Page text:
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  /  News   /  Harvard Model Congress: Growing Interest and Competition Lead to Continued Success

Harvard Model Congress: Growing Interest and Competition Lead to Continued Success

Every February, a group of about 30 Packer students undertake a long trek by train to Boston. There, members of Packer’s Harvard Model Congress club partake in a simulation of our nation’s congress, resolving issues they are presented with in real time, while trying to maintain a sense of reality. This year, the 31st annual congress contained a plethora of Packer students ranging from freshman to seniors, united by one common goal: to miss an extra week of classes. All joking aside, Model Congress is one of the longest standing clubs at Packer. Its members are aspiring politicians and political scientists hoping to gain experience and pursue their passions.

When students go to Harvard Model Congress, they play the role of a particular Washington politician, whether it be a member of Congress, a Supreme Court justice, a district lawyer, or even a cabinet member of the West Wing. In the few weeks preceding the trip, they read up on their role and learn the viewpoints and rationalizations that they must dispute. The topics of discussion are a direct reflection of the ones congress members carry out each day, ranging from issues such as tax reform to agriculture.

For many students, Harvard Model Congress is a great experience which allows them to make friends from around the country, put their political knowledge into practice, and experience different cultures and ideologies. Liney Kindler (‘18), our current student council President and one of the leaders of HMC and a four year member of the trip, explained the importance of leaving the Packer “bubble.” This year, her role was to campaign for the Republican National Committee on issues such as gun control, something she found both difficult and interesting. While most would assume playing a role vastly different from your own would be complicated, Liney thought it really sums up the ideas of the conference.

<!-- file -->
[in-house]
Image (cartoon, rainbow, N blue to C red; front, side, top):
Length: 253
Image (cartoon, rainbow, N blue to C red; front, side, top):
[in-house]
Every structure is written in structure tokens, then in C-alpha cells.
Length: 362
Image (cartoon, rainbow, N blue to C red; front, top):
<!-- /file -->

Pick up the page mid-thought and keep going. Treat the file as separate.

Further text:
“HMC is really what you make it,” she said, “If you engage and play your part, you’re going to have a great time.” For her, the conference has enabled her to find new passions, such as lawyering, something she discovered during her two years of district court at HMC.

Throughout my conversations with multiple community members who are involved with HMC, they all noted the increased competition the club has experienced in recent years. While the current seniors have been very involved for many years and do a great job representing Packer, the current freshman and sophomores take the simulation to a new level.

This sentiment was echoed by Dr. Peter Melman, who has been a faculty advisor for the trip for the last few years. “It’s amazing to watch a 14 year old seriously investigate the existential threat that Russia might hypothetically play or how to pass this fiscal bill towards the improvement of infrastructure in the United States,” he said.  Dr. Melman admires the students’ positive attitudes and good work ethic, saying that students, “work very hard off their own initiative, for their own benefit.”

Lily Bowman (‘21) is one of the hardworking underclassmen who attended HMC this year. As a middle schooler, she participated in her school’s Model Congress, and decided it was an activity she wanted to pursue further during her high school years. Since the beginning of the year, Lily had to attend multiple meetings regarding the trip, write about why she wanted to join HMC, prepare arguments for her assigned roles, and read briefings before attending the trip. While it seems like a lot of work for an extracurricular activity, Lily enjoyed it. One of favorite parts, akin to Liney’s, was the exploration of new ideologies.

“I really enjoyed the preparation for it, because I had to come up with a point of view that wasn’t mine and I had to come up with arguments to defend that stance,” said Lily.

Something that was continuously mentioned throughout my interviews was HMC’s ability to grow students’ confidence. Liney, who as a freshman was petrified to speak, noted how over the years she has become more active and involved in the conference. This was reiterated by Lily, who said, “Initially I was too scared to get up and debate. But on the last day I ended up speaking, which was probably my favorite part.”

While HMC has been a successful club for many years, Packer’s program seems to be expanding and accelerating towards becoming even more serious. Packer has performed so well in past years that we are given an allocation of upwards of 30 spots for the trip, while other schools receive 25. That being said, as interest in politics begins to drum up throughout the Upper School, HMC looks set to become more competitive and successful in years to come. While senior leaders Liney and Carden Katz (‘18) will be gone next year, the program will undoubtedly remain in good hands.

Max is a Senior at the Packer Collegiate Institute, who is in his first year of writing for the Prism.

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